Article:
I am always intrigued by the ways in which faith communities ultimately are unable to control the conversation about ideas that arise from their members. (Consider this a follow-on to my previous two blog entries.)
Ideas the community officially may consider heresy or at least unwanted rarely seem to go away completely, and when those ideas address what appear to be continuing problems within the group, they are even less likely to disappear.
One such idea is that of opening up the Catholic priesthood to men who are married. The church's commitment to a celibate priesthood is not one it considers forever unchangeable. There have been times when priests were married and there may yet be such a time again in the future, though current church leadership opposes the idea -- at times quite rigorously.
But an organization called FutureChurch is committed to promoting the idea of a priesthood open to married men, and is using Oct. 30 as a day to honor all priests and to call attention to the need for married priests.
"Our goal as FutureChurch is to honor not only the ministry of celibate priests but to also advocate for a return to permitting married priestly ministry," Emily Holtel-Hoag, FutureChurch special projects coordinator, said to me in an e-mail.
I invite you to look around at the FutureChurch Web site to see the group's various activities, but while you're there you might look at its section on the shortage of priests.
I looked up there the Catholic Diocese of Kansas City-St. Joseph and found some statistics that showed that the number of diocesan priests in the diocese had dropped from 126 in 1976 to 96 in 2009.
Diocesan spokeswoman Rebecca Summer tells me that the January 2011 figure for diocesan priests was 98, of whom 70 are in active ministry, while 28 are retired. The FutureChurch figure of 126 diocesan priests did not count 29 it listed as "retired, sick or absent." So the comparable figures for diocesan priests appear to show that there were 126 active in 1976 and 70 active today. By my math, that means the diocese has only about 55 percent of the available, active diocesan priests that it had in 1976. (This count doesn't include priests of various religious orders working in the diocese.)
The shortage of priests is one of the arguments for having married priests.
Well, this debate may go on for many more years, but in the end a church without enough ordained leaders to sustain it will suffer. What we don't yet know is how much suffering the current top of the Catholic hierarchy is willing for the church to accept to be able to maintain a celibate priesthood..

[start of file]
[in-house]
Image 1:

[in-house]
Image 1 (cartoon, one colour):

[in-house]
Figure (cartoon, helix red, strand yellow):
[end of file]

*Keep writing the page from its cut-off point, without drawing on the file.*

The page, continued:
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PUNISHING COPTIC CHRISTIANS
The recent violence against Coptic Christians in Egypt has been a disaster for the interim military government. The world watches as the country's armed forces crush an already oppressed minority, and everyone wonders why any of this had to happen. Coptic Christians, a people with a long, long history, make up from 6 to 15 percent of Egypt's population, depending on what source you consult. Theologically, Coptic Christians differ from traditional Christianity in that they reject the idea that Jesus had two natures and was, thus, both fully human and fully divine. Copts accept that Jesus was both human and divine but insist that these were united in one nature. It may seem today like arguing about angels dancing on pinheads, but over the centuries such arguments got lots of people killed. I have been twice to Egypt and have visited Coptic sites. I admire the faithfulness of the Copts.
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THE BOOK CORNER
Belieber!: Fame, Faith, and the Heart of Justin Bieber, by Cathleen Falsani. The author, an excellent religion journalist (whom I've heard speak), is clearly and unabashedly a fan of pop singing star Justin Bieber. It's not that she's a lady ga-ga over Bieber's music but, rather, is profoundly impressed with his willingness to acknowledge to the public that he's a person of faith who wants everyone to know about and feel God's love. And, really, that's a pretty admirable quality in a 17-year-old who just a few years ago was an unknown kid from a small town in Canada. Falsani, whose own Christian faith shines through this book, describes Bieber's astonishing rise to fame and fortune and his commitment to his Christian upbringing. It's so amazingly easy for fame to erode one's moral center. Falsani wants us to know that has not happened with young Justin. She describes him not as a zealous Jesus freak who wants everyone in the world to see faith the way he sees it but, rather, as a committed Christian who has experienced God's embracing love through an unusual family (Bieber correctly notes that there may be not be "any such thing as a 'normal' family.") and who wants others to have the opportunity to know that God loves them unconditionally. (Speaking of his family, his mother got pregnant with him as a drinking, partying teen who later found a welcoming church.) So along with the improbable story of a Jewish manager discovering Bieber on YouTube and helping him shoot to stardom, we get the story of Bieber's commitment to faith. I certainly had heard of (and even heard) Bieber before this book, but hadn't bothered to learn much about him. I'm glad Falsani's book moved me to do that. I bet you will have much the same reaction.